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History
1:00 am
Fri February 27, 2015

Trailblazer Peter Skene Ogden Explores Oregon and California

 

Oregon and California trailblazer Peter Skene Ogden has been described as a man of “of great endurance, courage, and modesty.”

Born in Quebec in 1794, Ogden crossed the Rockies in 1817.  After leading a massacre of the Cowlitz tribe, Ogden seemed to turn a corner, becoming an able leader. Though he often found himself at odds with various tribes and openly detested a number of them, he married a Nez Perce woman, who accompanied him on several expeditions.

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History
1:00 am
Thu February 26, 2015

Miner Spies on Bears Square Dancing to Musical Trees

At a time when newspapers didn’t always let facts get in the way of a good story, the San Francisco Examiner and the Roseburg Review published an interview in 1890 of fictional old miner Phil Maguire by Charles L. Mosher, grandson of Oregon’s first territorial governor, Gen. Joseph Lane.

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History
1:00 am
Wed February 25, 2015

Two Women Promote Church for Rowdy Jacksonville

There was a time when Jacksonville, Ore., was one of the rowdiest towns in the Rogue Valley.  With all the money flowing in from the gold rush, guns and liquor were always close at hand.

None of this intimidated Emily Overbeck and Emily Royal, wife of the Rev. Fletcher Royal.

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History
1:00 am
Tue February 24, 2015

Grounded Ship Serves as Coastal Resort Museum

The Ship Ashore Resort on U.S. Route 101 just three miles south of the Oregon border got its name from the 158-foot yacht, the S.S. Castle Rock, displayed on dry land a quarter mile from the ocean.

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History
1:00 am
Mon February 23, 2015

Oregon Doctor Urges Forced Sterilization of Criminals and Insane

One of Oregon’s first female doctors was an outspoken advocate of women’s suffrage and Prohibition before shaking up the state in 1904 by calling for the sterilization of criminals, the insane and the developmentally disabled.

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History
10:00 am
Fri February 20, 2015

Male Doctors Attempt to Humiliate Female Colleague in Roseburg

 

Dr. Bethenia Owens-Adair faced gender discrimination throughout her life.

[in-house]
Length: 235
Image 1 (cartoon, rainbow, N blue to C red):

In the 1870s, most U.S. medical schools refused to enroll women.  That didn’t intimidate Owens-Adair, a divorced mother who at 27 had opened a successful hat and dress shop in Roseburg, Ore.  Graduating in 1874 from the Eclectic School of Medicine in Philadelphia, Penn., she returned to Roseburg to wind up her business.

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History
9:59 am
Thu February 19, 2015

Female Doctor Overcomes Gender Discrimination

The life of Dr. Bethenia Owens-Adair was so full that today’s episode will be the first of three to explore it.  She once said, “The regret of my life up to the age of thirty-five was that I had not been born a boy… (and was) … hampered and hemmed in on all sides simply by the accident of … (gender).”

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History
9:55 am
Wed February 18, 2015

Hubcap Spinner Progresses to Anything He Could Lift

Fifteen-year-old David Klemczak set a Guinness World Record by twirling a hubcap on one finger for 22 hours in the KOBI television studios in Medford, Ore., on Nov. 2, 1980.

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History
9:54 am
Tue February 17, 2015

Brother of Joe Meek Also Becomes A Mountain Man

Stephen Hall Meek, the brother of Joe Meek, Oregon’s most famous mountain man, came West in 1831 as a trapper.  Traveling to California with the Walker brothers, Joel and Joseph, Meek began working for the Hudson’s Bay Company in 1835.

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History
9:53 am
Mon February 16, 2015

Roseburg Strawberry Festival Inspires Portland Rose Festival

The Roseburg City Commercial Club staged its first Strawberry Festival in May of 1909 to showcase Roseburg’s business interests.  The three-day event had food booths and a thatch-roofed stage on unpaved Jackson Street.  Capitola Willis was the first Strawberry queen.

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History
1:00 am
Fri February 13, 2015

Robinson Butte Serves as Fire Lookout Since 1917

Robinson Butte rises southwest of Mount McLoughlin in Southern Oregon’s Cascades.  It once was part of the summer hunting grounds of the Takelma Indians, but was named for an unspecified early settler. Several Robinsons lived in the 19th century near Little Butte Creek, below Robinson Butte.